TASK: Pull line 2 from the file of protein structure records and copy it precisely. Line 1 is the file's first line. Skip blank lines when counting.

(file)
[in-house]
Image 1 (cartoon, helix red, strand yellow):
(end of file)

Image 1 (cartoon, helix red, strand yellow):